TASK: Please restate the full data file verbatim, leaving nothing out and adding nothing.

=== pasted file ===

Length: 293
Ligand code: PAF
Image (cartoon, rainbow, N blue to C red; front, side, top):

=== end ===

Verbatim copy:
Length: 293
Ligand code: PAF
Image (cartoon, rainbow, N blue to C red; front, side, top):